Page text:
As her words here reveal, she not only teaches “dangerous” curriculum but she supports a free Palestine (a stance not allowed in UZA – United Zionist America) AND, she is Chicana! Holy minute-man crap – how did she get hired in the first place?

Salazar’s firing is sadly not a unique case, though. An Indiana hish school teacher was recently suspended for using The Freedom Writer’s Diary. Connie Heermann, who has been teaching for 27 years, should really know better than to try and inspire her students. Stick to the bubble tests Connie!

In 2007, two LA teachers were fired for including lessons about Emmett Till, a 14 year old lynched 58 years ago for allegedly whistling at a white woman. Don’t you teachers know not to teach history Howard Zinn style?

But, let’s not let the McArthy/Horowitz censorship fun stop there. For, if we don’t also censor the crazy leftie socialists polluting our universities, it could mean the end of civilizedsexismrasism as we know it.

Luckily here in California, the CSU system is able to jettison instructors who refuse to sign a loyalty oath adopted in 1953 to root out communists. Cal State Fullerton was recently spared from having to harbor a commie in their midst when new instructor of American Studies Wendy Gonaver refused to sign a loyalty oath swearing to “defend” the U.S. and California constitutions “against all enemies, foreign and domestic.” This refusal ended her appointment as a lecturer. (Thankfully, I have never been asked to sign such an oath at the CSU where I teach.)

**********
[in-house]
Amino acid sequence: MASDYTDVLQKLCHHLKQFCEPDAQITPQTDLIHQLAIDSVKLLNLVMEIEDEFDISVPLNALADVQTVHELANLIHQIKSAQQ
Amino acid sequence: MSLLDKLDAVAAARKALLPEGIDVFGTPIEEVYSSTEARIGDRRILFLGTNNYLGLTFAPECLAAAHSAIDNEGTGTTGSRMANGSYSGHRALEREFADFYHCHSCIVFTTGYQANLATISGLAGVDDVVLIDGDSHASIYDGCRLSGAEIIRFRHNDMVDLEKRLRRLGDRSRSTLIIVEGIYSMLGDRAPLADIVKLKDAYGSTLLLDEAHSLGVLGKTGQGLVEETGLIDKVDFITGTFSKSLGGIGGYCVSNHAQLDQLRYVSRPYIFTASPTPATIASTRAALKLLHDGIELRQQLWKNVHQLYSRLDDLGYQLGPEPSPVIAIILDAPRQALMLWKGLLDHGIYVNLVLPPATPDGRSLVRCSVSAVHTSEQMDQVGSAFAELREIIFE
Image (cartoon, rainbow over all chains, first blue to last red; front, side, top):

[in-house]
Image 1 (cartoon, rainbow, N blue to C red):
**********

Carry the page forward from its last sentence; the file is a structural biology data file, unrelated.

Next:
Thank the heavens(because you know evolution is a lie perpetuated by mad science teachers) that those who dare to question our imperialist wars or the truth about 911 are being rounded up and suspended, fired, or forced to retire. And thanks to the man himself, David Horowitz, for creating an “academic hit list” so the truth can be avoided, even in college. (Used to be that students started learning some true history once they got to college – but, with the likes of Horowitz and others, maybe we can keep true learning at bay indefinitely).

As Jack at Feministe warns us:

Keeping American students in the dark about America’s wrongdoings, keeping Latino, Black and other students of color from truly understanding their histories in the U.S. – that’s all key to maintaining white supremacy and white privilege in this country.

So, teachers, would you stop trying to teach already–unless that is you want to change  the white supremacy, white privilege, racism, sexism, ableism, heteronormativity, etc that rules our world. And, just in case any of you want to  to PROGRESS things rather than conserve the same old injustices,just in case you want to TEACH your students rather than instruct them in rote memorization, here’s a little book list (in no particular order) to get you going:

  • A People’s History of the United Stats.
  • Us and Them: A History of Intolerance in America
  • Lies My Teacher Told Me: Everything Your American History Textbooks Got Wrong
  • Occupied America: A History of Chicanos (Arizona public school system is attempting to ban this book. See info about this here.)
  • Pedagogy of the Oppressed
  • Teaching to Transgress
  • Bury My Heart at Wounded Knee
  • Democracy for the Few
  • Against Empire
  • 1001 Things Everyone Should Know About Women’s History
  • 1001 Things Everyone Should Know About African-American History
  • Who Cooked the Last Supper: The Women’s History of the Wolrd